Staying on top of our health encompasses almost every aspect of our daily lifestyles. For many women, eating healthy, staying hydrated, doing self-care practices, and exercising are part of our weekly routines to fulfill healthy living. For many women, however, bladder health goes unnoticed, even though it is a crucial part of our overall health.
Most women do not know much about their bladder, and staying in the dark about your bladder health can lead to more issues than you would like. In comparison to men, women are 30 times more likely to develop a UTI. Additionally, around 30 to 40% of women in the U.S. are currently living with overactive bladder issues; some experts estimate it can be more, as many living with the condition do not recognize these symptoms or are too afraid to ask for help.
Caring for your bladder is just as important as caring for any other part of your body. Here are some everyday tips to make sure you are keeping your bladder health in check.
Monitoring your stress level
When you’re stressed out, the stress can affect your body in a number of ways. It can lead to migraines, tense muscles, and sometimes even sickness. The pelvic floor may become tensed up as a result of consistent stress which can lead to possible bladder dysfunction. Even though you may think it is unlikely, keeping your stress levels in check can do your body good and keep your bladder healthy.
Everyone is told to drink plenty of water throughout the day. It is especially important for women to stay hydrated, as it flushes out the bacteria that may accumulate in your bladder throughout the day. For women prone to developing UTIs, staying hydrated is the number one way to prevent infection and irritation. Flushing this water out as well is equally as important, as many experts recommend limiting your fluid intake at least two hours before bed so as to not disturb your night. Those with overactive bladders may suffer frequent bathroom trips both during the day and night. Just as hydration is key, spreading your water intake throughout the day can also be key to prevent sudden urge symptoms.
Don’t hold in
Holding in your urine can do immense damage to your bladder if you are not careful. If held in for too long, it could weaken the muscles and lead to further dysfunction, such as kidney damage, so make sure to go at least every three to four hours. UTI’s can also form if the bladder is held in for too long, as the bacteria is not being properly flushed out.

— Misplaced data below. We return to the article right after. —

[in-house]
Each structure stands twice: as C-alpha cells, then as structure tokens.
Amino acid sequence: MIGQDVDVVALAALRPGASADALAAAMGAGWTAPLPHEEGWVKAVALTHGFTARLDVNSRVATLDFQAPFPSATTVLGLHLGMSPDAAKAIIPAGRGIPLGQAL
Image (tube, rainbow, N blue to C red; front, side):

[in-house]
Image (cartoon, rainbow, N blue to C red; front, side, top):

Avoid bladder irritants
Dehydration is typically associated with the development of bladder issues, however, did you know that your diet can play a strong role in the health of your bladder? Certain drinks and foods are more prone to cause bladder irritation, making the bladder spasm, or having a sudden, urgent need to urinate or it can cause leakage. Cleveland Clinic advises avoiding excessive consumption of these beverages:
- Coffee (caffeinated and decaffeinated)
- Sodas and carbonated drinks
- Alcohol (particularly beer)
Additionally, you should try to eat these foods only in moderation
- Citrus fruits (oranges, grapefruits, lemons, and limes)
- Tomato based products (ketchup, sauce)
- Spicy foods and chili
Start off your day with 8 oz. of water
Instead of your usual coffee, orange juice, or tea, why not start your day off with some water? Experts recommend drinking at least 8 fluid ounces of water in the morning to dilute your bladder. Not only are you swapping for a much healthier morning beverage, but it creates a stable bladder to prepare for the rest of your day when it comes to eating and drinking.
If you are someone who is prone to developing UTIs, talking to a professional could help in preventing them. For older women, this may be a hormone related issue, and doctors may prescribe estrogen cream to help balance out vaginal pH. For women of all ages however, cranberry tablets can help in cleansing the bladder. A chemical found in cranberries can help in preventing bacteria buildup in the bladder.
Pelvic floor exercises
Pelvic floor exercises or “kegel” exercises are renowned for helping individuals train to hold urine in the bladder. For women, many factors can lead to damage of the pelvic floor, the most prominent being pregnancy and childbirth. According to the National Institute on Aging, a doctor may be able to identify specific target areas, and may recommend suitable kegel exercises to help strengthen the pelvic floor by tightening it.
Get plenty of fiber
Fiber can benefit your body in a number of ways, but it is probably most known for its ability to help with preventing and alleviating constipation. Large amounts of stool in the colon can actually place pressure on the bladder, which can strain it and lead to damage. To prevent this, make sure you are incorporating plenty of whole grains, vegetables, and fruits into your diet.